Archive for Unpublished

Efficient Distributed Random Walks with Applications

Author: Atish Das Sarma, Danupon Nanongkai, Gopal Pandurangan, Prasad Tetali

Download: arXiv of the journal versionarXiv of the conference version

Conference: PODC 2010

Journal: Journal of the ACM 2013


We  focus on  the problem of performing random walks efficiently in a distributed network. Given bandwidth constraints, the goal is to minimize the number of rounds required to obtain a random walk sample. We first present a fast sublinear time distributed algorithm for performing random walks whose time complexity is sublinear in the length of the walk. Our algorithm performs a random walk of length \ell  in \tilde{O}(\sqrt{\ell D})  rounds (with high probability) on an undirected  network, where D is the diameter of the network. This improves over the previous best algorithm that ran in \tilde{O}(\ell^{2/3}D^{1/3}) rounds (Das Sarma et al., PODC 2009). We further extend our algorithms to efficiently perform k independent random walks in   \tilde{O}(\sqrt{k\ell D} + k) rounds. We then show that there is a fundamental difficulty in improving the dependence on \ell any further by proving a lower bound of \Omega(\sqrt{\frac{\ell}{\log \ell}} + D) under a general model of distributed random walk algorithms. Our random walk algorithms are useful in speeding up distributed algorithms for a variety of applications that use random walks as a subroutine. We present two main applications. First, we give a fast distributed algorithm for computing a random spanning tree (RST) in an arbitrary (undirected) network which runs in \tilde{O}(\sqrt{m}D) rounds (with high probability; here m is the number of edges). Our second application is a fast decentralized algorithm for estimating mixing time and related parameters of the underlying network. Our algorithm is fully decentralized and can serve as a building block in the design of topologically-aware networks.

Update History

Mar 03, 2009 (New version posted on ArXiv)
Nov 06, 2009 (Link to arXiv posted)
Feb 18, 2010 (New version posted)
Feb 18, 2013 (Journal version posted)


Comments (1)

Stackelberg Pricing is Hard to Approximate within 2−ε

Author Parinya Chalermsook, Bundit Lekhanukit, Danupon Nanongkai

Download: pdfarXiv



Stackelberg Pricing Games is a two-level combinatorial pricing problem studied in the Economics, Operation Research, and Computer Science communities. In this paper, we consider the decade-old shortest path version of this problem which is the first and most studied problem in this family. The game is played on a graph (representing a network) consisting of fixed cost edges and pricable or variable cost edges. The fixed cost edges already have some fixed price (representing the competitor’s prices). Our task is to choose prices for the variable cost edges. After that, a client will buy the cheapest path from a node s to a node t, using any combination of fixed cost and variable cost edges. The goal is to maximize the revenue on variable cost edges.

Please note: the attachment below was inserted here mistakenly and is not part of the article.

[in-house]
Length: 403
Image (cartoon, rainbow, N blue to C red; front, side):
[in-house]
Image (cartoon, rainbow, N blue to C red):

In this paper, we show that the problem is hard to approximate within 2-\epsilon, improving the previous APX-hardness result by Joret [to appear in Networks]. Our technique combines the existing ideas with a new insight into the price structure and its relation to the hardness of the instances.

Update History

[v1] Oct 2, 2009 (Manuscript posted on arXiv)

Leave a Comment

Faster Algorithms for Semi-Matching Problems

Author Jittat Fakcharoenphol, Bundit Lekhanukit, Danupon Nanongkai

Download: See ArXiv

Conference: ICALP 2010


We consider the problem of finding semi-matching in bipartite graphs, a problem also extensively studied under various names in the scheduling literature. We give faster algorithms for both weighted and unweighted case.

For the weighted case, we give an O(nm\log n)-time algorithm, where n is the number of vertices and m is the number of edges, by exploiting geometric structure of the problem. This improves the classical O(n^3) algorithms by Horn [Operations Research 1973] and Brono, Coffman and Sethi [Communications of the ACM 1974].

For the unweighted case, the bound could be improved even further. We give a simple divide-and-conquer algorithm which runs in time O(\sqrt{n}m\log n), improving two previous O(nm)-time algorithms by Abraham [MSc thesis, University of Glasgow 2003] and Harvey, Ladner, Lovasz and Tamir [WADS 2003 and Journal of Algorithms 2006]. We also extend this algorithm to solve the Balance Edge Cover problem in time O(\sqrt{n}m\log n), improving the previous O(nm)-time algorithm by Harada, Ono, Sadakane and Yamashita [ISAAC 2008].

Comments (1)